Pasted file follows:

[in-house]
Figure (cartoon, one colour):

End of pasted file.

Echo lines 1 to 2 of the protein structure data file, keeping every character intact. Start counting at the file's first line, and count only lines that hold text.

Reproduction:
[in-house]
Figure (cartoon, one colour):